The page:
Captain drops his last anchor by Lake Kirubi
NATIONAL | By Mercy Adhiambo | June 19th 2021
The hearse carrying Chris Kirubi’s remains arrived right on time, at exactly 11.00 am, as had been indicated in the program. A final act of respect to a man who many describe as a timekeeper who would arrive for meetings way before schedule.
Top of the range cars followed slowly in the long stretch of road in the vast compound that makes up the business mogul’s home. Along the path were posters with adjectives that attempted to describe who he was before cancer took hold and claimed his life on Monday.
The tributes were many. Friends and family struggled to find the right words to summarise the time and life of the businessman who died a few weeks before his 8oth birthday.
He was an outlier. Larger than life. A fighter who attempted to battle cancer with all his might and money. His oncologist said the entire team at Massachusetts General hospital where he was treated was surprised that he lived more than four years after his diagnosis.
“Only one per cent of the population live that long with the condition. Kirubi was clear that he did not want to know the prognosis or statistics. He just wanted to fight it,” she said.
The Chris Kirubi foundation has now been created to continue with the projects he was passionate about. His daughter Maryanne Musangi said the foundation with a focus on education and mentorship for youth, health in diabetes and cancer section, innovation and technology and Agriculture. The health project will be done in partnership with Massachusetts to train medics.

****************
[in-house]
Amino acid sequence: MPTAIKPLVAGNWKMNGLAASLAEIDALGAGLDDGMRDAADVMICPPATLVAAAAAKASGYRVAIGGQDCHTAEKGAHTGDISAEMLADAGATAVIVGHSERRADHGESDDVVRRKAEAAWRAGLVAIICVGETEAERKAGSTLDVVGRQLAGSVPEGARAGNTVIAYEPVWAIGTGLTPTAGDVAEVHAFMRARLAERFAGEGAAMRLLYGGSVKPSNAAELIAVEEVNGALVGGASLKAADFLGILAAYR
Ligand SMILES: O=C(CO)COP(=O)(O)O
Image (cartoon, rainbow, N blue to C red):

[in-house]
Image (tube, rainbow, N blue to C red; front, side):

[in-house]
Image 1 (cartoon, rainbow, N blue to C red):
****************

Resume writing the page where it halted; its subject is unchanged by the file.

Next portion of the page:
“The foundation will honor the work and values my father was passionate about,” said Maryanne. She added that she already sold the idea to president Uhuru Kenyatta who sounded enthusiastic about bringing it to fruition.
The funeral was attended mostly by young people. Several tents that had been set up along the famous “Lake Kirubi” that he fondly talked about on social media were filled with youth who embodied the flamboyance that Kirubi believed in. They came dressed in their skinny jeans and brightly coloured jewellery. The service was run by Bishop Teresia Wanjiru and Pastor Allan Kiuna. Both of them said they enjoyed a personal relationship with Kirubi.
All around, signs of Kirubi’s unfinished businesses lay. Freshly cultivated land where he had wanted to plant more trees. Germinating seedlings in greenhouses that he had planted just before death. Installed drip lines that were yet to start working. A seven-month-old grandchild that he was yet to meet but was looking forward to hold. They all told of a man whose dreams remained active that even disease could not slow him down.
“He brutally fought. The end was extremely difficult. He kept on going,” said Maryanne while narrating the life of her ‘indescribable’ father who sent her to Europe when she was just 12 years old to prepare her for the life ahead.
“He was a master salesman. He sold the idea of sending me to Europe so smoothly, showing me horses and ice skating. He has a vision for me to be fearless and bold,” she said.
In a speech that was read by transport minister Macharia, Uhuru Kenyatta eulogized Kirubi as a man who was accessible to many and that he was a celebrated mentor and role model.
“He interacted with ease especially the youth on his radio shows, public appearance and inspirational social media posts,” said Uhuru.